Tonight, the remaining field of Republican candidates took to the stage in South Carolina to make their case to voters. Throughout the debate, Fox News encouraged viewers to rate each candidate’s responses in real time by tweeting #answer or #dodge plus the candidate’s name.
From Juan Williams referencing Tweets from his timeline in pressing Newt Gingrich to clarify an answer, to host Bret Baier asking candidates questions from Twitter users, you were part of the debate conversation—online and on TV.
We partnered with Mass Relevance to track the #answer and #dodge data. The tweeting was immediate, providing a rich real-time picture of audience reaction to each candidate’s answer within 15 to 30 seconds. Here are a few of the debate highlights:
After a slow start and a net #dodge rating for an answer on his recent attacks on Mitt Romney’s record at Bain Capital, Gingrich elicited strong #answer ratings for much of the remainder of the debate. His highest #answer peaks came during his comments on unemployment and his reply to Juan Williams about characterizing President Obama as a “food stamp President.”
While generating the highest total volume of Tweets among the candidates, Romney spent most of the debate with net Twitter user reaction firmly in #dodge territory. The former Massachusetts governor’s explanation for not releasing his tax records generated the most significant #dodge reaction, but Romney scored #answer ratings for his replies on Medicare and Social Security reform and his refusal to negotiate with the Taliban.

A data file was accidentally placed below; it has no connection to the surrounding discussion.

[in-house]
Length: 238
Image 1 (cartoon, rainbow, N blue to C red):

Rick Perry’s biggest Twitter reaction came right at the end of the debate, as Twitter users rewarded him by noting #answer for his response to a question on immigration.
Users tweeted that Rick Santorum’s biggest #dodge of the night was in his answers to questions on gun control, but they applauded his answers on employment.
Ron Paul saw his most significant number of #dodge votes in answers around foreign policy.